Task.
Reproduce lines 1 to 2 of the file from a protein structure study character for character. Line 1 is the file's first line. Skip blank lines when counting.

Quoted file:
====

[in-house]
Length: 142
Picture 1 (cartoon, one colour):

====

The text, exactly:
[in-house]
Length: 142